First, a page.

The 7.5 magnitude earthquake that struck Japan on New Year’s Day has left at least 94 people dead, with rescue efforts ongoing to find survivors beyond the typical 72-hour window for increased survival rates.
Hindered aid: Days after the earthquake struck the west coast of Japan, dozens of villages remain inaccessible as rescuers face challenges due to severed roads. Damaged infrastructure has also hindered the delivery of material aid, leaving many evacuees without essential supplies such as food, water and electricity. Wajima city’s mayor, Shigeru Sakaguchi, stated at a regional disaster response meeting that the delivery of 3,000 meals and 5,000 bottles of water on Wednesday was insufficient for the 11,000 evacuees in the city.
Rescue operations: The incident caused extensive damage to buildings, vehicles and boats, with some fatalities occurring due to collapsed structures. In a video circulating online, a woman in her 80s is seen being rescued by firefighters from the debris of her devastated home in Wajima 72 hours after the earthquake. She was placed on a stretcher and wrapped in blankets.
In another video posted by local NGO Peace Winds Japan, a group of rescuers are seen navigating through piles of collapsed furniture to free a woman trapped beneath her residence. The footage also captures a dog participating in the rescue operation, searching for humans amid shattered houses.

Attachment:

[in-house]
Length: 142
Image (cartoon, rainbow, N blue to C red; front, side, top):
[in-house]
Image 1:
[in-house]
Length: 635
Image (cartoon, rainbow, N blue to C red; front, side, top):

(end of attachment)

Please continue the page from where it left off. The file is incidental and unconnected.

What’s next: The government has promised continued supply provision and increased the number of Self-Defense Force members involved in rescue operations to about 7,000. At least 94 people were killed in the tragedy, while over 200 remain unaccounted for.
“We must continue putting all of our efforts into rescuing people, even beyond 72 hours after the disaster,” Prime Minister Fumio Kishida said at a news conference.
Meanwhile, the U.S. is preparing to render food, supplies and military logistical support to aid Japan. There are currently around 54,000 U.S. forces personnel serving in the country.